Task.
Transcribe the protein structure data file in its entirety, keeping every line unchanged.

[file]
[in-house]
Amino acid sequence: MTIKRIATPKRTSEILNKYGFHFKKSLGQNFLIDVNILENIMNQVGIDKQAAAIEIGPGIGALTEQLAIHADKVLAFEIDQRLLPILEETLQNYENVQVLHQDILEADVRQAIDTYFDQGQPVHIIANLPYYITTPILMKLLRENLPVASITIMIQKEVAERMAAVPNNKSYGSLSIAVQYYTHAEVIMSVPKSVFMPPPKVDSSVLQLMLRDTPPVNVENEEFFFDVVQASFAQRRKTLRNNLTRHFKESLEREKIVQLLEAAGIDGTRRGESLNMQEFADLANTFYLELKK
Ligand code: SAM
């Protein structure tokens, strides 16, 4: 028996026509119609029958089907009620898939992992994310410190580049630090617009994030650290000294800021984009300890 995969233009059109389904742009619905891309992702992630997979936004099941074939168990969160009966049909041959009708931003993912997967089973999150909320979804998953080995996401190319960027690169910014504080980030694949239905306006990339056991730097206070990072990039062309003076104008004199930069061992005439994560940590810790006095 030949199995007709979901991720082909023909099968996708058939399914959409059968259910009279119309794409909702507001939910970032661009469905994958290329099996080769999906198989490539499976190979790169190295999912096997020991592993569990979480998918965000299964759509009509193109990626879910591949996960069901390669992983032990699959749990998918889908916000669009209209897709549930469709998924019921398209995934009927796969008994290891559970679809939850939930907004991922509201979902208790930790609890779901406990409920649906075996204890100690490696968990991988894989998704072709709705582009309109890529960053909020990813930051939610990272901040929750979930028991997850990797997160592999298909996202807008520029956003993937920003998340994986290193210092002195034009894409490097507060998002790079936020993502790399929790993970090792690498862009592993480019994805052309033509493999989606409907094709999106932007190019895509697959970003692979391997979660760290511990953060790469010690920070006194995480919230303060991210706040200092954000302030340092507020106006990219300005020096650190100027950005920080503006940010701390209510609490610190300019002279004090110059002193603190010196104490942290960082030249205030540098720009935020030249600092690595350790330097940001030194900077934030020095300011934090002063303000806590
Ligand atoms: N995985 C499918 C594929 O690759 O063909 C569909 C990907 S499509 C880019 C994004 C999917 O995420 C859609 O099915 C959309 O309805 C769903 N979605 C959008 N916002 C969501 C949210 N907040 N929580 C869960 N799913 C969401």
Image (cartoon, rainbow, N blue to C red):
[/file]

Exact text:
[in-house]
Amino acid sequence: MTIKRIATPKRTSEILNKYGFHFKKSLGQNFLIDVNILENIMNQVGIDKQAAAIEIGPGIGALTEQLAIHADKVLAFEIDQRLLPILEETLQNYENVQVLHQDILEADVRQAIDTYFDQGQPVHIIANLPYYITTPILMKLLRENLPVASITIMIQKEVAERMAAVPNNKSYGSLSIAVQYYTHAEVIMSVPKSVFMPPPKVDSSVLQLMLRDTPPVNVENEEFFFDVVQASFAQRRKTLRNNLTRHFKESLEREKIVQLLEAAGIDGTRRGESLNMQEFADLANTFYLELKK
Ligand code: SAM
């Protein structure tokens, strides 16, 4: 028996026509119609029958089907009620898939992992994310410190580049630090617009994030650290000294800021984009300890 995969233009059109389904742009619905891309992702992630997979936004099941074939168990969160009966049909041959009708931003993912997967089973999150909320979804998953080995996401190319960027690169910014504080980030694949239905306006990339056991730097206070990072990039062309003076104008004199930069061992005439994560940590810790006095 030949199995007709979901991720082909023909099968996708058939399914959409059968259910009279119309794409909702507001939910970032661009469905994958290329099996080769999906198989490539499976190979790169190295999912096997020991592993569990979480998918965000299964759509009509193109990626879910591949996960069901390669992983032990699959749990998918889908916000669009209209897709549930469709998924019921398209995934009927796969008994290891559970679809939850939930907004991922509201979902208790930790609890779901406990409920649906075996204890100690490696968990991988894989998704072709709705582009309109890529960053909020990813930051939610990272901040929750979930028991997850990797997160592999298909996202807008520029956003993937920003998340994986290193210092002195034009894409490097507060998002790079936020993502790399929790993970090792690498862009592993480019994805052309033509493999989606409907094709999106932007190019895509697959970003692979391997979660760290511990953060790469010690920070006194995480919230303060991210706040200092954000302030340092507020106006990219300005020096650190100027950005920080503006940010701390209510609490610190300019002279004090110059002193603190010196104490942290960082030249205030540098720009935020030249600092690595350790330097940001030194900077934030020095300011934090002063303000806590
Ligand atoms: N995985 C499918 C594929 O690759 O063909 C569909 C990907 S499509 C880019 C994004 C999917 O995420 C859609 O099915 C959309 O309805 C769903 N979605 C959008 N916002 C969501 C949210 N907040 N929580 C869960 N799913 C969401």
Image (cartoon, rainbow, N blue to C red):